Monday, August 3, 2009

Beautiful Moment

Game 109: Bulls 4, Indians 5
Season: 62-47
Wrap, Box, Herald-Sun, Indy Week

My guess is that anyone who goes to 60 or so games a year has their own reasons for doing it and that they are different. One of the reasons I go happened last night. Top of the 7th inning. The Bulls had just squandered an opportunity to catch up with the Indians in the bottom of the 6th. Jorge Julio was on in relief and had struck out the first batter. Indian’s right fielder Brian Myrow hit a line drive towards the wall in left and Jon Weber made an absolutely beautiful play. He took off running to his right, timed a leap that put him out parallel to the ground with his glove stretched out, and caught the ball maybe a foot above the field. He kept the ball in his glove as he hit the ground, bounced up, and threw the ball in to the cheers of the crowd. Pretty, pretty play.

A moment like that doesn’t happen in every game. And when they do it isn’t always a Bull that makes the play. But those moments are right at the heart of why I go out there so often.

Winning is nice, too. Didn’t happen last night. Wade Davis has given up 12 homers in 22 games this year — 3 of them last night. I wonder if he has become so concerned about his very high walk rate (52 in 126 innings so far) that he risked a exceptionally hittable pitch to avoid another walk? For whatever the reason, Davis gave up 5 runs on only 7 hits. He kept his walks down to one, plus a hit batsman. Unfortunately, both of those runners were on base when he gave up another homer. So, if a home run can be counted as a mistake, all the runs were mistakes.

The Bulls missed a couple of opportunities to tie or go ahead in the game, most notably in the bottom of the 7th. (Note: the Indian’s reliever in the 7th was Mike Koplove, without a doubt the twitchiest pitcher I’ve seen all year. He was a bundle of fidgets, scratches, wiping his hand on the mound, fiddling with the rosin bag, etc.) With the score 3-5, John Jaso walked, Henry Mateo hit a triple to deep center field, scoring Jaso. So we were one run down with Mateo on third, no outs, top of the order coming up. But Jennings, Brignac and Weber grounded out. Mateo was the Bull’s last base runner of the game.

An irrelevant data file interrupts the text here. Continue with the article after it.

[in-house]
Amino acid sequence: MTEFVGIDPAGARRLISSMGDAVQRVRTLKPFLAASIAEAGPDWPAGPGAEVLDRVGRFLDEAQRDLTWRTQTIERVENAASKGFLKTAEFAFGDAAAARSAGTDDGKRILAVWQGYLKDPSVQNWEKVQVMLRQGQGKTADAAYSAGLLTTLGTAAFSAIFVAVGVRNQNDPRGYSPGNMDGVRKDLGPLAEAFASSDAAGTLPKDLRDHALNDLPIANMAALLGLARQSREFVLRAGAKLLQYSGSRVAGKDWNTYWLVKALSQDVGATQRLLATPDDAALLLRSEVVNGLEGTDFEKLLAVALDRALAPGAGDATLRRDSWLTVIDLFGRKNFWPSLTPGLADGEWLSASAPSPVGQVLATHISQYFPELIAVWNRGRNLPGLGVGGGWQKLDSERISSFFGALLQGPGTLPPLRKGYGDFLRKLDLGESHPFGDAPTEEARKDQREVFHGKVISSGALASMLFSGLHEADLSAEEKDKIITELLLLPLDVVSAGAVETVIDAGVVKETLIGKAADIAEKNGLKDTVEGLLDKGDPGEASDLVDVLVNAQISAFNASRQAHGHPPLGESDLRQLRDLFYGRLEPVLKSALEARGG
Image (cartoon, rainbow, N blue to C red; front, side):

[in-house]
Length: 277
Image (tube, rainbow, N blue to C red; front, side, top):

Usually when a pitcher, or any player, is hurt a certain ritual is followed. The player stands around (or lays on the ground) grimacing, shaking the hurt appendage, etc. Someone waves out the trainer. The manager strolls out to look over the shoulder of the trainer. The manager and trainer appear to confer, the manager speaks with the player and then to the umpire. The player heroically acts as if he wants to stay in the game, but gets sent to the bench to the clapping of the crowd. If a pitcher, the manager decides who he wants to take the spot and the fans settle back for a long wait, since in these situations the pitcher gets as much time as he needs to warm up.

Jorge Julio changed the script in the 8th. He was hit on a comebacker (not sure where), but made the play to first. Then he just walked off the field, vaguely waving his hand towards Montoyo as he went into the dugout.

Montoyo, quoted in the Herald-Sun, went out to the mound and met the umpire there:
“I told the umpire and laughed, ‘I don't know, I think he’s out.’ ”
Joe Bateman, who’d been warming up, came in and did a fine job. In fact, all of the Bulls relievers did a fine job last night. We just couldn’t get those last two runs we needed.

But that’s OK. It was a good night and if we didn’t win, we got to see some good baseball and one brilliant, beautiful moment. That’s enough to go back again … and again.

1 comment:

  1. that's one of the reasons I keep coming back.